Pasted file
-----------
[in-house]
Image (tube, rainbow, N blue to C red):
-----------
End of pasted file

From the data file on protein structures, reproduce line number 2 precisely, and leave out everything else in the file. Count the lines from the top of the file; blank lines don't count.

Image (tube, rainbow, N blue to C red):